The CEP has succeeded in reducing the impact of large donors for participating candidates. In addition, even though the total amount of private money in 2008 was much less than in 2006 (by the same candidate or same party in the same district) the participating candidates actually had a larger number of individual contributors in 2008 than 2006.
However, the CEP seems to have fallen short with respect to another objective. Some legislators said during floor debates in 2005 that one goal was to induce candidates to reach out to a more representative set of donors and volunteers, not simply to get to get private contributions out of the system. The findings reported above suggest that, contrary to this goal, full public funding was not acting for most candidates in 2008 as an incentive for outreach to a broader and more diverse set of donors. Instead, most candidates shut off their private funding when the qualifying requirements were satisfied, knowing that any excess would be turned over to the state.
By comparison, other public systems that allow for more extensive cultivation of small donors would seem to contain stronger incentives for candidates to reach out to new people. These include:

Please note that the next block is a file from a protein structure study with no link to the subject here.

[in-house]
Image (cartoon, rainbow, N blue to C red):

- Multiple-matching fund systems, such as New York City’s six-for-one program, which continues matching through the full election season and thereby gets more people involved; and
- Hybrid systems, such as the one proposed in the federal Fair Elections Now Act. This system, which is not yet in effect anywhere, would begin with a flat grant and then move to multiple matching funds for low contributions. This system does not have a spending ceiling but permits candidates who receive a maximum amount of public funds to continue raising from donors who give no more than a total of $100.
Note that these conclusions comment only on the effects of the CEP program on donor participation. Effects on competition, candidate recruitment, interest groups and policy all are important but were not part of CFI’s research.
Filed under: Elections
From CT Mirror:
Months after the state’s public campaign finance system was struck down by the U.S. district court, the legislature’s election committee shed some light on what their fix will include.